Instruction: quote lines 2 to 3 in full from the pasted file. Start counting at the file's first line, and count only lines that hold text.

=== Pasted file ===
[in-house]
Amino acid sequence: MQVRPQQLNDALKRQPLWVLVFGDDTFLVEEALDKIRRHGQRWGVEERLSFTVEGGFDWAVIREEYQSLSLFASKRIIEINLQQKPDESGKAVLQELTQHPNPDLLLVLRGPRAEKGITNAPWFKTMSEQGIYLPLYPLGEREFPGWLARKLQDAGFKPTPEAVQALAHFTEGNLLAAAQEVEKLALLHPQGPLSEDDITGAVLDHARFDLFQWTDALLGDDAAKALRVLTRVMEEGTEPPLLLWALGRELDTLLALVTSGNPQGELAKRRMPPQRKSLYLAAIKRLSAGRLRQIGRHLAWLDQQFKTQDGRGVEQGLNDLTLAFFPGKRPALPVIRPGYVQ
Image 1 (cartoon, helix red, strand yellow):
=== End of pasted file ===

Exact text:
Amino acid sequence: MQVRPQQLNDALKRQPLWVLVFGDDTFLVEEALDKIRRHGQRWGVEERLSFTVEGGFDWAVIREEYQSLSLFASKRIIEINLQQKPDESGKAVLQELTQHPNPDLLLVLRGPRAEKGITNAPWFKTMSEQGIYLPLYPLGEREFPGWLARKLQDAGFKPTPEAVQALAHFTEGNLLAAAQEVEKLALLHPQGPLSEDDITGAVLDHARFDLFQWTDALLGDDAAKALRVLTRVMEEGTEPPLLLWALGRELDTLLALVTSGNPQGELAKRRMPPQRKSLYLAAIKRLSAGRLRQIGRHLAWLDQQFKTQDGRGVEQGLNDLTLAFFPGKRPALPVIRPGYVQ
Image 1 (cartoon, helix red, strand yellow):